Come the end of the day, I went to pick up my Glock, the only one left, and on checking the serial number found that it was off by a couple of digits.

Balls.

Cue several urgent phone calls, and an extended drive back to Aldershot, via Bulford, to exchange said pistol from the LCpl who'd got it.
 
Can't remember the name of it but there used to be an MOD magazine that I came across back in the 1980's. One article listed all the incidents were weapons had been lost across all the services.
Speaking of TA during my time in the RE(v) one of our AGC Sgts (Bob F-----) volunteered for attachment and went to Bosnia. He handed his SA80 at the first unit he was sent to, he kept being moved around, apparently he was told 'don't need yer wpn leave it in the armoury'. Problem by the time he came to tour end 'where's your wpn Sgt?'
It couldn't be found, units had come and gone etc and there was no trace of it. I think he got away without being blamed.
I once turned up at a base for a training day with my platoon in the IDF reserves, asked around for where the signing in was, was directed to a shipping container-come hut where I was issued an M16, for which I signed the standard little chit illegibly. A little while after that, after I met some of my platoon, I realised that the improvised armoury where I received my gat wasn't my unit's. Had I chosen to I could have walked off the base with the M16, without them even being aware they were missing a weapon until that unit demobbed a week later, and then they would have had no way of tracing it definitively.
 
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Dwarf

LE
Germany cerca 1990,* CO 6RRF (now sodded off to NZ) giving O Gp in a gasthaus. 9mm fell out of its holster onto the floor. He never noticed.
Some hours later he twigged and sent his driver back to get it, which he did. Driver was warned to seal lips. He didn't and word soon got around.


*Exact date not known but Bro knows as he was there.
 
It was not mine but I did spend a good few hours combing the woods in a certain part of the Mourmelon Camp looking for the GP-35 pistol of a Belgian tanker who apparently had lost it during a night Leopard 1 NAVEX...these were pre-GPS days and finding your way in a foreign military camp was indeed a challenge...of course the pistol was never found.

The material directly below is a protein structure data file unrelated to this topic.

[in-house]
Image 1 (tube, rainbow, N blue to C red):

Bullshit yourself, I and others know what happened and so did the rest of his unit - there are 'before and after' photo's somewhere i'll try and find
You are a LIAR flat out then

AR 600-8-24 covers Officer transfers and separations no mention of reduction in rank of a commissioned officer


In addition Commissioned Officers take an oath of Officer not enlistment. IF their commision is ended they no longer have an obligation to serve and are dismissed.

In addition under the UCMJ non judicial punishment for commissioned Officers-
(b)Subject to subsection (a), any commanding officer may, in addition to or in lieu of admonition or reprimand, impose one or more of the following disciplinary punishments for minor offenses without the intervention of a court-martial—
(1)upon officers of his command—
(A)
restriction to certain specified limits, with or without suspension from duty, for not more than 30 consecutive days;
(B)if imposed by an officer exercising general court-martial jurisdiction or an officer of general or flag rank in command—
(i)
arrest in quarters for not more than 30 consecutive days;
(ii)
forfeiture of not more than one-half of one month’s pay per month for two months;
(iii)
restriction to certain specified limits, with or without suspension from duty, for not more than 60 consecutive days;
(iv)
detention of not more than one-half of one month’s pay per month for three months;